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Your World Heritage...

Mangroves

Mangrove forests

The Wet Tropics has one of the highest diversity of mangrove trees and shrubs in the world (about 30 species). They can be found all along the coastline, including city areas like Cairns. Significant mangrove zones are the Hinchinbrook Channel, the north bank of the Daintree River and Alexandra Bay north of the Daintree River. Mangroves may form mixed forests with palms and vine forests. The mangrove zone has a rich and varied epiphytic flora, including ferns of the genus Drynaria, orchids of the genus Dendrobium and the ant plant, Mymecodia becarii.

 

Mangrove grasslands and herblands

The mangrove zone may also contain grasslands and herblands on the landward side, often as extensive flats forming a sparsely vegetation corridor between terrestrial ecosystems and mangrove forests. The community generally forms in response to desiccation between tidal flooding episodes, leading to hypersalinity which is often evident as salt crusting on the soil surface.

 

More information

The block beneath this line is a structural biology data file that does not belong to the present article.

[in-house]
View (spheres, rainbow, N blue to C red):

See our mangroves page under plant diversity for lots more information about individual plants that thrive in the mangroves and make it such a complex ecosystem.

 

News and Events

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News and Events

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New cassowary rehabilitation centre announced for far north Queensland

New cassowary rehabilitation centre announced for far north Queensland

A privately operated cassowary rehabilitation facility has received approval from the Department of Environment Protection (EHP) to open on the A... READ MORE

Advisory committees to inform Wet Tropics board

Advisory committees to inform Wet Tropics board

Leading experts and industry leaders will play a critical role in protecting one of tropical north Queensland’s most valuable natural resources.... READ MORE

Promoting initiatives that showcase all the Wet Tropics has to offer

Promoting initiatives that showcase all the Wet Tropics has to offer

New partnerships are helping develop sustainable tourism opportunities in the Wet Tropics region.... READ MORE